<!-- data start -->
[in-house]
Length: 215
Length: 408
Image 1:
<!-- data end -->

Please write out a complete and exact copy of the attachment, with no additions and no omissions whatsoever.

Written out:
[in-house]
Length: 215
Length: 408
Image 1: